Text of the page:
The effect of microstructure on the permeability of metallic foams
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Pressure drop was measured across complex and simple structure metallic foams at different velocity ranges using air as working fluid. Darcian and non-Darcian permeability parameters, K and C, were determined by fitting experimental data with widely accepted quadratic model of Hazen-Dupuit-Darcy. Generally, the experimental results are in good agreement with the model. The differences in K and C values between the two types of metallic foams are due to the different microstructure. For the simple structure specimens, permeability K increased whereas non-Darcian permeability C decreased with increasing pore diameter. The effect of pore size on the permeability of complex structure metallic foams seems to be opposite to that observed with the simple structure specimens and to results reported by other researchers on other porous medium. This discrepancy mainly stems from the differences in window concentration in addition to some heterogeneity in the foam that impeded the gas flow on one side of the specimens. The difference in pressure drop observed in the different metallic foams is due to combined effect of K and C. However, for simple structure foams, K and C could be predicted by Ergun-like model using appropriate values for the empirical constants. The permeability K is significantly affected by pore size and porosity. The quadratic term of Hazen-Dupuit-Darcy equation is mainly due to the inertia of the flow and partially to the drag exerted by the microstructure of the metallic foam. For both foams, as the porosity increases, pressure drop decreases and permeability, K, increases. The introduction of the open cross sectional area term enabled better understanding of the permeability of metallic foams with intricate morphologies.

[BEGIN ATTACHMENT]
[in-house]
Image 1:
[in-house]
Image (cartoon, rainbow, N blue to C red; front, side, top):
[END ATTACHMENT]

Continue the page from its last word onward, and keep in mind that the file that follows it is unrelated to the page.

KeywordsFoam Porous Medium Pressure Drop Aluminum Foam Relative Standard Deviation
The authors gratefully acknowledge the financial support received from NSERC and NATEQ. The authors would also like to thank NRC-IMI, Boucherville, Quebec, Canada and RECEMAT International, Netherlands for providing the samples.
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